Sunday, Dec. 3, 2006
foreshadow future debates
SC Statehouse Report
3, 2006 - - If you want to know what big issues will be debated
on the floor of the state House and Senate next year, all
you have to do is check out the legislative study committees
at work during the off-legislative season.
They run the gamut - - from groups of lawmakers that look
at precise issues like state boundaries and retiree health
funding to those that study crime, restructuring and tax reform.
Senate President Pro Tem Glenn McConnell, the Charleston
Republican who also chairs the Senate Judiciary Committee,
said study committees give lawmakers a chance to delve into
complex issues without the pressure of the daily legislative
"These issues aren't something you can do in one meeting,"
McConnell said. "The study committees thoroughly review
these complex issues and bring to the table some consensus
legislation that can move forward."
That generally saves time during the session on the floor
and helps keep it from being clogged for weeks with one issue.
An added benefit is that because issues can be more fully
aired, researched and debated in a study committee, lawmakers
don't rush to pass something that might have unintended consequences,
Examples of past study committee work that led to smoother
action include tort reform, general government restructuring
and property tax relief. Here's a look at some of the issues
that have been in various study committees over the last few
Criminal justice. Lawmakers have spent the fall looking
at the court system, judges' workloads, gang activity, dockets,
parole, probation and more. The comprehensive review is expected
to lead to major improvements in how the state deals with
Property. A group of House and Senate lawmakers have
until March 15 to deliver a report on eminent domain actions,
regulatory takings and slum clearance.
Agency earmarks and restricted accounts. While the
state's general fund budget is $6.1 billion a year, various
earmarked and restricted accounts total another $6.7 billion.
But these things, which include college tuition, agency fees,
fines and assessments, aren't part of the annual general budgeting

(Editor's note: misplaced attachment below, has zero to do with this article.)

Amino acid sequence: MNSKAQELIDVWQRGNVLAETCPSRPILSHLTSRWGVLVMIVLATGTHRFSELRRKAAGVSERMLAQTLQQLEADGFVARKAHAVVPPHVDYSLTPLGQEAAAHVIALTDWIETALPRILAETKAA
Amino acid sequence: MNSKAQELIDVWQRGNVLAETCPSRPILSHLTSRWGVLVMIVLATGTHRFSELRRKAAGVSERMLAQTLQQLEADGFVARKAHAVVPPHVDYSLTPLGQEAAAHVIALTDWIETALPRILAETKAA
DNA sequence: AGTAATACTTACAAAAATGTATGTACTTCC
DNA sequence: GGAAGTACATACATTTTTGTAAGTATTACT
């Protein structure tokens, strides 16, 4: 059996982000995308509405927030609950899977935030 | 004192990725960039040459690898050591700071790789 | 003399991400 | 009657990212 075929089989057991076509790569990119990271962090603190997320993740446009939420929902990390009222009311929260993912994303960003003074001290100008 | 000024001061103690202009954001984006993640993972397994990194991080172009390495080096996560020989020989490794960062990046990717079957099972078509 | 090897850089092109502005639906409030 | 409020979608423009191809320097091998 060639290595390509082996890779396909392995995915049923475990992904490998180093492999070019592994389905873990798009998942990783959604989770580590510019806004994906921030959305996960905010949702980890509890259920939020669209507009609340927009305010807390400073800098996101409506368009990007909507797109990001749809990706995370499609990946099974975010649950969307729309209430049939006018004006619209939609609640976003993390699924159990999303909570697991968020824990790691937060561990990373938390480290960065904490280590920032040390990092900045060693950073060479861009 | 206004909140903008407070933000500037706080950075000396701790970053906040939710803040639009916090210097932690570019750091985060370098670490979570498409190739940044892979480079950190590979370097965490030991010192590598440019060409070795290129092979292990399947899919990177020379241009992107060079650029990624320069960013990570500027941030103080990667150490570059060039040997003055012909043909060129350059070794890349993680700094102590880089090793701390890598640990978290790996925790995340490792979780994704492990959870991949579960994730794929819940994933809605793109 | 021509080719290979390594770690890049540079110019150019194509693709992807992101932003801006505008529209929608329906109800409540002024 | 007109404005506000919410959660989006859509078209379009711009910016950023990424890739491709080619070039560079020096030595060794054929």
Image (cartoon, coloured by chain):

process. A committee is reviewing to ensure that this big
but quiet part of government is fair.
Salaries. Another committee has a few weeks to deliver
a report on salaries of legislators, constitutional officers
Energy. A larger committee that includes some executive
office input is reviewing energy independence issues and should
deliver a report on Jan. 15.
Education funding. A House-Senate committee is reviewing
education formula funding.
Computer testing. There's another group looking at
whether state assessment testing for education can become
Immigration. A review is ongoing about how state immigration
laws can be improved in light of federal changes.
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Workers' comp. A Senate group is looking at whether
the state workers' compensation laws need to change. Business
groups are complaining that premiums are rising too quickly
and putting a burden on businesses, but the committee also
is working to ensure that any changes would be fair to employees.
Medical malpractice. Another Senate group is reviewing
tort reform laws on birth-related neurological injuries.
Department of Transportation. House Speaker Bobby
Harrell is organizing a House committee to look into the state
Department of Transportation, which is under fire following
a critical legislative audit.
Based on the plethora of study committees, two things ought
to be clear:
- Lawmakers have been working harder than you might think
when they haven't been in session to ensure the coming session
goes more smoothly.
- The coming session is going to be packed with major issues:
restructuring, school funding, criminal justice reform,
workers' comp reform, energy initiatives and more.
Send your comments to Andy Brack at email@example.com.
His book of commentary, Bugging
the Palmettos, is available for
here for more.
12/1: The real
meaning of shopping
Another great cartoon from Bill McLemore:
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